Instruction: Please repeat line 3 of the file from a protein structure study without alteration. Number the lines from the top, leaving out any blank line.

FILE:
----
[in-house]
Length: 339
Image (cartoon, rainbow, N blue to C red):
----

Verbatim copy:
Image (cartoon, rainbow, N blue to C red):